Israel fabricating border clash in Lebanon again

Lather. Rinse. Repeat. — Upstream Group

The Zionist occupation forces fired overnight phosphorus bombs at Lebanese territories in Aitaroun, Houla and Mais Al-Jabal towns in response to an alleged “security incident” on the border.

The US leader had received his intelligence briefing at 2 pm. Asked by a reporter to clarify his conclusion, Trump said: “I’ve met with some of our great generals … This was not some kind of a manufacturing explosion type of event.”

Rinse, repeat

28 Jul 2020

Beirut, Lebanon – Hezbollah denied its fighters staged an “infiltration attempt” that led to clashes with Israeli forces on Monday calling the Israeli account a move to create “false victories”.

The Lebanese armed group also vowed revenge for a Hezbollah member killed in a suspected Israeli air strike in Syria last week saying a response against Israel was “coming for sure”.

Israeli Prime Minister Benjamin Netanyahu disputed the armed group’s denial of any border incident, adding  “Hezbollah should know that it is playing with fire.”

The Israeli military said earlier three to five Hezbollah fighters crossed into the disputed Shebaa Farms area that is occupied by Israeli forces, and they were repulsed after Israeli troops opened fire. Shebaa Farms was captured by Israel in the 1967 Middle East war and is claimed by Lebanon.

But Hezbollah denied it carried out a raid over the southern border saying the incident was “from one side only, from the anxious enemy” who opened fire first.

“All the enemy media claims about thwarting an infiltration operation from Lebanese territory into occupied Palestine … is absolutely not true,” a Hezbollah statement said.

Israel, Hezbollah exchange fire at Lebanon border

 

The armed group attributed the incident to “the state of terror experienced by the Zionist occupation army and its settlers at the Lebanese border” over an expected response to the killing of the Hezbollah fighter.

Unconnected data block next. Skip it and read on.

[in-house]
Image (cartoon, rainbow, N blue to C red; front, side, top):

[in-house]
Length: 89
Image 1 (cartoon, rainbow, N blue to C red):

Israeli shelling

A resident of the town of Khiam, 5km (2 miles) from Lebanon’s southern border, told Al Jazeera she heard about two dozen explosions and witnessed large columns of smoke rising near Mount Hermon on Monday.

An Israeli shell smashed in a civilian home, narrowly missing a family in the house at the time, but nobody was hurt.

“The shelling that took place today on the village of Al-Habbariyeh and damage to a civilian’s house will not be tolerated at all,” Hezbollah said.

The Lebanese group added retaliation for the killing of the Hezbollah fighter in Syria last Monday was “coming for sure”.

“Our response to the martyrdom of the mujahid brother Ali Kamel Mohsen – who was martyred in the Zionist aggression on the outskirts of Damascus International Airport – is definitely coming and the Zionists only have to wait for the punishment for their crimes,” the statement said.

Hezbollah parliamentarian Walid Sukkarieh said Monday’s incident was a “setback for the Israeli army and … Israeli society’s confidence in their army.”

The Israeli army’s Arabic-language spokesperson, Avichay Adraee, said troops foiled a Hezbollah attack a few metres over the Blue Line, which demarcates Israel’s 2000 withdrawal from Lebanon. There were no casualties among Israeli forces.

 

WATCH

 

Lebanon: Living on the Blue Line

Andrea Tenenti, the spokesperson for UN peacekeeping force in southern Lebanon (UNIFIL), said its commander, Major-General Stefano Del Col, “is in contact with both parties to assess the situation and decrease tension”.